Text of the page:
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Clinton, Edwards tussle over lobbyists

John Edwards and Hillary Rodham Clinton tussled over accepting campaign contributions from powerful health care groups Monday at a forum on cancer that attracted four Democratic hopefuls.
Democrats 2008 Cancer Forum
Presidential hopeful Sen. Hillary Rodham Clinton, D-N.Y., right, speaks during the Livestrong Presidential Cancer Forum with seven-time Tour de France winner Lance Armstrong, Monday, in Cedar Rapids, Iowa.Charlie Neibergall / AP
/ Source: The Associated Press

John Edwards and Hillary Rodham Clinton tussled over accepting campaign contributions from powerful health care groups Monday at a forum on cancer that attracted four Democratic hopefuls.

Each candidate spoke separately at the Iowa event, with Edwards and Clinton focused on the ongoing debate among the party's top-tier rivals over accepting campaign donations from lobbyists.

Clinton has refused to forsake such donations. Edwards doesn't accept money directly from federal lobbyists, but he is not above benefiting from the broader lobbying community, accepting money from firms that have lobbying operations.

Clinton defended her decision to accept campaign contributions from health care groups, saying she has a long track record of fighting for national health care that demonstrates she's not influenced by special interest giving.

"My record shows I've been very effective in that," the New York senator said. "I believe in working with everybody and being influenced by nobody."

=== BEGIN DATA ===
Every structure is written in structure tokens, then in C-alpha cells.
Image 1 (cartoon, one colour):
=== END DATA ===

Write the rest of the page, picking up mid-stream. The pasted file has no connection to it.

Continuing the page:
Different lessons
Edwards warned that powerful interest groups killed efforts to create universal health care when Clinton was first lady and spearheaded the effort of her husband's administration.

"I think the lesson from that, my lesson, is not the same as hers," Edwards said. "Her lesson is give them a seat the table. I think if you give the drug companies, insurance companies and their lobbyists a seat at the table, they'll eat all the food."

In the early 1990s, Clinton tried to reshape the nation's health care system - an audacious effort that collapsed under its own complexity, Republican opposition and the Clintons' unwillingness to seek compromise with lawmakers.

"I intend to do everything I possibly can to be the president who signed into law national health care," Clinton said Monday.

More funding, less politics
Meeting with reporters, Edwards sought to underscore the differences with his rival, who is now running even with him in Iowa polls. Clinton left immediately following her appearance at the cancer forum.

"There's a fundamental difference between Senator Clinton and myself about how we bring about the change we need," Edwards said. "We have to take their power away from them. I don't believe we can compromise with them."

All four candidates stood together in calling for more money for cancer research and criticizing President Bush for allowing political philosophy to dictate decisions on scientific research.

Clinton vowed to double spending on research over 10 years, but saved some of her sharpest words for Bush.

"The president of the United States has been leading an assault on science and research," Clinton said. Edwards called Bush the "most anti-science president in history."

Edwards said he will take a back seat to no one in combatting cancer, motivated by his wife's battle with the disease.

New Mexico Gov. Bill Richardson and Rep. Dennis Kucinich of Ohio also participated in the forum sponsored by champion bicyclist Lance Armstrong, himself a cancer survivor.

Richardson noted that former President Nixon declared war on cancer more than 30 years ago, and he joined his rivals in suggesting that money being spent on the war in Iraq be diverted back home.

"We're not doing too well in that war," Richardson said. "This president wants a surge in the war in Iraq. I want a surge in the war on cancer."